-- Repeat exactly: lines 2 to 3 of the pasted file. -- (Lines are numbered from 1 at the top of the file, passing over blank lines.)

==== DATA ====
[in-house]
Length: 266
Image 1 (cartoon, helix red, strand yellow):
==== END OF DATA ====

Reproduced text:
Length: 266
Image 1 (cartoon, helix red, strand yellow):